Thursday, June 14, 2018
By M. Lynn Griffin
We all carry it. We push it around or we pull it. Sometimes it’s packed all nice and neat; sometimes it’s messy. I’m not talking about the Louis Vuitton or Michael Kors with the 360° wheels and the projectile handle that airlines toss around without a care in the world. I’m talking about the kind of baggage that is damaging to your future, or current, relationships. This kind of baggage travels as well—it travels around your mind, heart, and spirit.
The dictionary defines baggage as “things that encumber one's freedom, progress, development, or adaptability; impediments”. An impediment is defined as an “obstruction, hindrance or obstacle”. Another word for baggage is “trappings”. Why would we knowingly carry around anything that weighs us down, traps us, or hinders any part of our lives?  We wouldn’t, but we do.
Now, after years of waiting, you’ve met that special someone that you are truly into. Perhaps you believe you are baggage-free. Well, it’s debatable if that is even possible. See if you identify with any of these signs:
●You feel unworthy or like a failure. Are you filled with self-doubt and feel that no one will ever love you?
●You’re paranoid. You don’t fully trust them so you play mind games to see if they will slip up, or you stalk their social media.
●You compare them to past partners. You won’t go places or do the same things your ex liked to do. (You will love the chapter in my book called “We Not Going There”).
●You hide things. You don’t reveal important aspects of your life that they truly need to know.
●You won’t fully commit. You are waiting for the other shoe to drop.
●You are consumed with seeing your ex fail or “get theirs”.
If you currently identify with even ONE sign, you still have baggage. Don’t worry, there is hope. As long as you’re willing to be honest and put in the work, it is possible to drastically reduce the weight of baggage that you carry:
●Stop feeling guilty about your past. It’s. The. Past. Admit that it happened and understand there is no rewind button for a do-over. Begin to feed yourself affirmations EVERYDAY. Start small with one or two, then build from there.
●Stop being a victim and allowing others to make you one. Cut off people that always want to remind you of your past; that want to criticize you.
●Let go of the shame. Journal to get your feelings and emotions out. Put yourself in counseling to work through those feelings. You will be amazed at how helpful this will be.
●Let go of the anger. Being angry is not productive—it’s only keeping you angry. More about this later.
●Forgive. That’s right, forgive that person. I know from experience that this is hard. Write them a letter or make a phone call and forgive them. Forgiveness is not for them—it’s for YOU.
Holding onto baggage, especially anger, can be damaging. It’s bad for you physically and mentally, keeps you “living” in the pain, and keeps you thinking about the person when they have gone on with their lives like nothing ever happened. Hanging on to anger is unnatural, and over time can cause depression, eating disorders, heart disease, strokes, and prevent recovery from addictions, or even start them.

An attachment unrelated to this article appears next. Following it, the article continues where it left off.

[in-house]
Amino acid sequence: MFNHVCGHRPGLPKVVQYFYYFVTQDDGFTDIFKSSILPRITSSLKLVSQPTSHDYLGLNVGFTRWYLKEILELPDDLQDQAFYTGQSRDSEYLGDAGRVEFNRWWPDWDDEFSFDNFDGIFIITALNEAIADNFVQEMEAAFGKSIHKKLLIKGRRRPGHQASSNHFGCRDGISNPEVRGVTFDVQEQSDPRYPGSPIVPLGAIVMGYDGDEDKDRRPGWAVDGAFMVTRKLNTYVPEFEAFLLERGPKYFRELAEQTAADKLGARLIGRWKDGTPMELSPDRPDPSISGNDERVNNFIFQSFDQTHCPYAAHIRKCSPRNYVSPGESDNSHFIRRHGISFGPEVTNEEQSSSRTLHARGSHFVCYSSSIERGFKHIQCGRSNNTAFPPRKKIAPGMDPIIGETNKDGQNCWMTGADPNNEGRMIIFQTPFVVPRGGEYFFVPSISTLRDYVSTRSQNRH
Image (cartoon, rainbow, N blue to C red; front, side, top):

So, how do you deal with your significant other and their baggage? I’m glad you asked. Here are several suggestions. Many more exist but they can’t all be addressed here:
●Communication is key. Consistent, open communication is vital. Don’t shy away from the tough conversations. Not only listen but “hear” what your partner is saying. When revealing something significant, don’t overreact or make assumptions. It’s okay to ask questions; you need to know just how deep this issue runs for them. Learn what their triggers are and keep your finger off of them.
●Pay attention to patterns. If your partner is always trying to pick a fight or always bringing up a particular ex, that is a clear indication that a serious conversation needs to be had.
●Be patient and understanding. Don’t kick them to the curb just because they have baggage. You have some too.
●Be honest with each other. Talk about your expectations and don’t gloss over something important to make it appear trivial. You’ll regret it later.
●Put yourself in their shoes. The adage, “You won’t know what it’s like until you walk a mile in someone else’s shoes”, is true.
●Consider couples therapy. There is no shame in asking for help from a licensed therapist. That third set of ears will help you hear something you missed.
●Don't forget to take care of self. You will be of no good to your partner if you’re not taking care of your own personal, emotional and mental needs.
●Remind yourself of the commitment you've made. If your partner means anything to you at all, don’t lose sight of the positive things about them and your relationship. Any good relationship is worth fighting for.
M. Lynn Griffin is a full-time employee and business owner residing in Michigan’s capital city of Lansing along with her two sons. Her background is in organizing and event planning but has now added writing to the mix. She loves spending time with family and friends as well as travelling, reading and making people laugh with her quirky sense of humor. She is the author of the soon to be released book “I Stayed Too Long”.



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